Date

2014

Department or Program

Environmental Studies/Science

Additional Department or Program (if any)

Environmental Studies/Science

Title of Approved Individual Major

Environmental Studies, Architecture

Primary Wellesley Thesis Advisor

Jay Turner

Additional Advisor(s)

Christopher Candland

Additional Advisor

Monica Higgins

Additional Advisor

Martha McNamara

Abstract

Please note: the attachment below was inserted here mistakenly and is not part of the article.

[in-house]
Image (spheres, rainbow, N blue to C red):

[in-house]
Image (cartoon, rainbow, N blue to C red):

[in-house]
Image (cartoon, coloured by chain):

This thesis bridges the transnational discourses on environmental justice and urban social inequality through an in depth analysis of Bangalore, India. I define environmental justice as the meaningful participation in the development of the environment and the fair access to that environment across peoples regardless of difference. Although gaining traction in other global cities, environmental justice has not been considered in Indian cities because the conceptualization of the “environment” is pragmatically restricted to rural areas. I ground this thesis in three core arguments: (1) the natural environment and built environment exist in a hybrid form in both cities and rural areas; (2) by ascribing agency to both the natural and the built components of hybrid environments, it is possible to qualify their nexus as it impacts the human experience; (3) problems that are commonly understood as social injustices are shaped by this natural-built environment (NBE) nexus, and must therefore be reconstructed as environmental injustices. By studying Bangalore’s development using the NBE nexus framework, I am able to understand the city’s dichotomies on a deeper level, as inextricably linked to its environment in both causes and solutions. Chapter 1 places Bangalore in a global context, establishing it as a relevant and useful case study for understanding urban environments and injustice worldwide. In Chapter 2 and 3, I analyze the history of Bangalore’s urban and rural NBE nexuses, respectively, in order to understand the injustices that have persisted through today. In Chapter 4, I analyze Ejipura Slum, a dramatic example of how Bangalore’s NBE nexus creates a negative urban experience for poor people. I conclude with a case-study-based exploration of potential strategies for mitigating environmental injustice and reimagining the NBE nexus to be sustainable and just for all.

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